Concepcion and Preemption Under the Federal Arbitration Act
Penn State Yearbook of Arbitration and Mediation, Forthcoming
25 Pages Posted: 6 Feb 2012 Last revised: 15 Feb 2012
Date Written: February 6, 2012
The Supreme Court held in AT&T Mobility LLC v. Concepcion that a California law declaring class arbitration waivers unconscionable was preempted because it stood as an 'obstacle to the accomplishment and execution of the full purposes and objectives' of the Federal Arbitration Act. The Court’s Concepcion decision was necessarily based on implied preemption, because the FAA contains no express preemption clause and because there was no textual conflict between the FAA and the California law. Concepcion illustrates two fundamental problems with implied preemption: it violates federalism principles by permitting significant federal encroachment on state laws, and it violates separation-of-powers principles by permitting the Court to re-write federal statutes in accordance with the Court’s inferred (and arguable) interpretation of statutory purpose. This article argues that the Court’s preemption analysis in the FAA is wrong and that the FAA should preempt only textually inconsistent state laws.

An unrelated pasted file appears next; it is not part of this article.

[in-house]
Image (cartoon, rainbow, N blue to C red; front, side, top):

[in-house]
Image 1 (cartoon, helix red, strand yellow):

Keywords: arbitration, concepcion, FAA, waiver, preemption, preempt, federalism, unconscionable
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